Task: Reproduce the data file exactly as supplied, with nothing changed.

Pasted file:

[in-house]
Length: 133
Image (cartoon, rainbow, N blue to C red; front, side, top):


[in-house]
Length: 133
Image (cartoon, rainbow, N blue to C red; front, side, top):